If you are the tenant, the following are the minimum number of days for giving your landlord a notice to quit:
Landlord violated tenancy agreement or didn't perform duties
Landlord entered property illegally
Property damage due to fire, disaster or accident
If the property is badly damaged by fire, disasters or (unavoidable) accidents, the tenant can move out immediately THEN notify the landlord within 14 days that he or she intends to terminate the tenancy. This notice must be in writing and the tenancy will terminate once the tenant moves out. Ala. Code § 35-9A-406
After the tenant moves out, the landlord has to return all security deposits and prepaid rents (after deductions) to the tenant. According to Alabama landlord tenant law, the tenant shall not be charged for rent starting from the date of the fire, disaster or accident.
If the property is still habitable, the tenant should stay out of any damaged area. The rent amount shall be reduced based on the extent of property damage.
According to Alaska landlord tenant law, the following are valid reasons for evicting tenants and the minimum number of days for giving them a notice to quit:
Tenant did not pay rent
Tenant violated tenancy agreement or didn't perform duties
Tenant refused landlord's valid request to enter property
Whether you are a landlord evicting someone or a tenant facing eviction, it's important that you handle matters correctly according to your state laws.
If you have any questions or doubts on eviction, you can ask a local landlord tenant lawyer online.
If the tenant did not pay rent on time, the landlord can send the tenant a seven day written notice to terminate the tenancy. This notice must state the amount of rent and any late fees owed.
If the rent and late fees are paid within seven days, the tenant may stay. Ala. Code § 35-9A-421.(b)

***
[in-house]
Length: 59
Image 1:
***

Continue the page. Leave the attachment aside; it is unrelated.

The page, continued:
If the tenant violates the tenancy agreement in a *significant manner, the landlord can send the tenant a 14 day written notice to terminate the tenancy. *Significant manner refers to situations that affects human health and safety.
Similarly if the tenant fails to perform his or her duties (see Tenant Duties and Responsibilities above) in a *significant manner, the landlord can also send the tenant a 14 day written notice to terminate the tenancy.
This written notice has to state what is the tenant's violation or failure in duty. If the tenant corrects the problem within 14 days, the tenant may stay. Ala. Code § 35-9A-421.(a)
If the tenant continues staying on the property (without the landlord's consent) after the rental agreement expires or is terminated, the landlord can sue the tenant for three month's rent plus attorney fees. If actual damages exceeds three month's rent, the landlord may sue for the full amount. Ala. Code § 33-9A-441.(c)
According to Alabama landlord tenant law, the landlord CANNOT force the tenant to move out by shutting off utilities (electricity, water, gas, sanitation), taking the tenant's belongings or taking possession of the property by force without a court hearing.
If the landlord forces the tenant to move out with (the unlawful methods above) or shuts off utilities, the tenant can EITHER
In addition, the tenant may also sue the landlord for three month's rent plus attorney fees. If actual damages exceeds three month's rent, the tenant may sue for the full amount. Ala. Code § 33-9A-441.(c)
Alabama landlord tenant law doesn't state what situations are considered as abandonment of the property by the tenant.
However the rental agreement can include the following requirement: The tenant must inform the landlord if he or she is expected to be absent from the property for more than 14 days. The tenant has to inform the landlord no later than the fifth day of absence. Ala. Code § 35-9A-304
If the rental agreement contains the above requirement and the tenant fails to inform the landlord on time, the landlord can sue the tenant for actual damages. Ala. Code § 35-9A-423.(a)
As long as the landlord makes a proper effort to re-rent the abandoned property at a fair rate, the abandoning tenant will be responsible for paying rent until the tenancy ends. If a new tenant is moving in before the tenancy ends, then the abandoning tenant can stop paying rent once the new tenant moves in. Ala. Code § 35-9A-423.(c)
Alabama Landlord Tenant Law: Alabama Uniform Residential Landlord and Tenant Act
Alabama Landlord Tenant Handbook: The Alabama Tenant's Handbook
If you have any questions or need legal advice, you can ask a local landlord tenant lawyer online.